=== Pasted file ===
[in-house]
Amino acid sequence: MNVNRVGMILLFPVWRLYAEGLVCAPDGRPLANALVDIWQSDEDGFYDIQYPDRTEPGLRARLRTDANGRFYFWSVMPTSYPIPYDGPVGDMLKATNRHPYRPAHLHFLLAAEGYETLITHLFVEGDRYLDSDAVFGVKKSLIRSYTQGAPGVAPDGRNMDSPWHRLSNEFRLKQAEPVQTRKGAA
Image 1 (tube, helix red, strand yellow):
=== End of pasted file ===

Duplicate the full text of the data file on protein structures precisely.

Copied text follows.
[in-house]
Amino acid sequence: MNVNRVGMILLFPVWRLYAEGLVCAPDGRPLANALVDIWQSDEDGFYDIQYPDRTEPGLRARLRTDANGRFYFWSVMPTSYPIPYDGPVGDMLKATNRHPYRPAHLHFLLAAEGYETLITHLFVEGDRYLDSDAVFGVKKSLIRSYTQGAPGVAPDGRNMDSPWHRLSNEFRLKQAEPVQTRKGAA
Image 1 (tube, helix red, strand yellow):